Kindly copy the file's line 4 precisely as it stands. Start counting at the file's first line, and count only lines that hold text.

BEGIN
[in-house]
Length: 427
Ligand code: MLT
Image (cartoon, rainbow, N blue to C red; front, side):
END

Image (cartoon, rainbow, N blue to C red; front, side):